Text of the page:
A leading headmistriss has said private schools should stop trying to compete for the best students by luring them with scholarships and instead spend the money on bursaries. Emma Hattersley, head at the £32,000-a-year Godolphin School in Salisbury, said that scholarships for exceptionally talented pupils should be “phased out” in favour of fee assistance for pupils from less-well off families.
During the last five years as headmistress at Godolphin School, Ms Hattersley said she has made a “conscious decision” to slash the fee discount for music, drama or academic scholars from over 20 per cent to ten per cent.
Swapping merit-based scholarships for means-tested bursaries is something that all private schools should consider, Ms Hattersley said. Her comments come amid mounting pressure on the country’s most prestigious private schools to step up their efforts to help less well-off pupils. Three quarters of independent schools in England are registered as charities, earning them favourable business rates and VAT exemptions on fees.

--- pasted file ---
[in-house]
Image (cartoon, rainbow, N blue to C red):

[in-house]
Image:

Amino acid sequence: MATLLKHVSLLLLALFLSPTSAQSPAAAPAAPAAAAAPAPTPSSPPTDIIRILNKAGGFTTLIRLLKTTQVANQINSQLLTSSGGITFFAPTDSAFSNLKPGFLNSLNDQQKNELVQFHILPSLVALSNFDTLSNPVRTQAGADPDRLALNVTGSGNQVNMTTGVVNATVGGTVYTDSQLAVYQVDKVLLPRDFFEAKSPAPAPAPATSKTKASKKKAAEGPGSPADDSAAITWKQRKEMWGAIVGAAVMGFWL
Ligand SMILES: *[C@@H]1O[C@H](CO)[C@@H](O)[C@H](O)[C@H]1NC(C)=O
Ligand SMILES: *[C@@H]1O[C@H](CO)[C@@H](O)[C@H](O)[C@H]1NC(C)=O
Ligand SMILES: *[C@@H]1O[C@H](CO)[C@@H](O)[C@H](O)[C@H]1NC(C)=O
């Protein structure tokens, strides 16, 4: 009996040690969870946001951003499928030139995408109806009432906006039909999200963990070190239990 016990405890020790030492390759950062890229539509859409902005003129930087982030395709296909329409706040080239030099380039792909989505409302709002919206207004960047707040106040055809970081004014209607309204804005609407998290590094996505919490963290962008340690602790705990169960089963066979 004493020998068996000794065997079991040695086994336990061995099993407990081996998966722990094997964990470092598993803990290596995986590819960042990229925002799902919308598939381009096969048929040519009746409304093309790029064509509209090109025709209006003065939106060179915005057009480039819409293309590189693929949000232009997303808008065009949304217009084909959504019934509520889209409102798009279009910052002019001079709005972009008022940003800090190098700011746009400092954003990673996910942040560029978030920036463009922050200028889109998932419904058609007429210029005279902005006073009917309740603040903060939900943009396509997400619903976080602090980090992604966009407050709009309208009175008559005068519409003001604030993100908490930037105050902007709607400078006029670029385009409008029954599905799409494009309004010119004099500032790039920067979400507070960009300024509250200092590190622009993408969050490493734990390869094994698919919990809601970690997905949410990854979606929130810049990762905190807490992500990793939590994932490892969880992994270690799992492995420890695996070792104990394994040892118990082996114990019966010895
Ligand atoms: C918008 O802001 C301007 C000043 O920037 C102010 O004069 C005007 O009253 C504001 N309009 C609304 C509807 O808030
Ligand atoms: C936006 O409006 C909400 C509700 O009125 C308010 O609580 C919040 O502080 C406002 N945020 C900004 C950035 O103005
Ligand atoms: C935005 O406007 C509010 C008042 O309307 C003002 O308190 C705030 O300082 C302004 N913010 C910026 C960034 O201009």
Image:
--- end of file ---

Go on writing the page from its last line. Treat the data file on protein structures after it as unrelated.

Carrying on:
Independent schools could allow state educated pupils to join their classes in subjects such as languages and Classics, it suggests. Private schools could also share facilities such as science laboratories with nearby state schools, it adds, while teachers from fee-paying institutions could share lesson plans and resources.